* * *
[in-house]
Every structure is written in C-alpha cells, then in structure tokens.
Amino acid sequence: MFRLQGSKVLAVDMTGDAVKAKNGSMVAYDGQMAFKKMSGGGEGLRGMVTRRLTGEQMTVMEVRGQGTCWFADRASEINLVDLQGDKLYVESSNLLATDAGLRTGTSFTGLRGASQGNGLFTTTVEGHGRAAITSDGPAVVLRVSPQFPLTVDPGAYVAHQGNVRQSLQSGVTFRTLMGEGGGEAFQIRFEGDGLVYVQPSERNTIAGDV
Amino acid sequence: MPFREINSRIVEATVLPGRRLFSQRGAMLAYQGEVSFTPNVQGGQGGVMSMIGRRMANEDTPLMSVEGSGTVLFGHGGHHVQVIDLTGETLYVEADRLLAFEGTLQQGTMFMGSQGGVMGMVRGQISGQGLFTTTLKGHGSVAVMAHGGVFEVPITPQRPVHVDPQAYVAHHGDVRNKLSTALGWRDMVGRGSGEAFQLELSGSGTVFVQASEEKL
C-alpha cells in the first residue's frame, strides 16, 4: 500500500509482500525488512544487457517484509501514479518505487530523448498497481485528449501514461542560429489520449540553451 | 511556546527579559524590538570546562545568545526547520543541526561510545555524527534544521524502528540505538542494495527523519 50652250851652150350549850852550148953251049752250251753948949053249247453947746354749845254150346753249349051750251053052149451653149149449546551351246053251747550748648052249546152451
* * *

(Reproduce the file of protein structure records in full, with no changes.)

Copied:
[in-house]
Every structure is written in C-alpha cells, then in structure tokens.
Amino acid sequence: MFRLQGSKVLAVDMTGDAVKAKNGSMVAYDGQMAFKKMSGGGEGLRGMVTRRLTGEQMTVMEVRGQGTCWFADRASEINLVDLQGDKLYVESSNLLATDAGLRTGTSFTGLRGASQGNGLFTTTVEGHGRAAITSDGPAVVLRVSPQFPLTVDPGAYVAHQGNVRQSLQSGVTFRTLMGEGGGEAFQIRFEGDGLVYVQPSERNTIAGDV
Amino acid sequence: MPFREINSRIVEATVLPGRRLFSQRGAMLAYQGEVSFTPNVQGGQGGVMSMIGRRMANEDTPLMSVEGSGTVLFGHGGHHVQVIDLTGETLYVEADRLLAFEGTLQQGTMFMGSQGGVMGMVRGQISGQGLFTTTLKGHGSVAVMAHGGVFEVPITPQRPVHVDPQAYVAHHGDVRNKLSTALGWRDMVGRGSGEAFQLELSGSGTVFVQASEEKL
C-alpha cells in the first residue's frame, strides 16, 4: 500500500509482500525488512544487457517484509501514479518505487530523448498497481485528449501514461542560429489520449540553451 | 511556546527579559524590538570546562545568545526547520543541526561510545555524527534544521524502528540505538542494495527523519 50652250851652150350549850852550148953251049752250251753948949053249247453947746354749845254150346753249349051750251053052149451653149149449546551351246053251747550748648052249546152451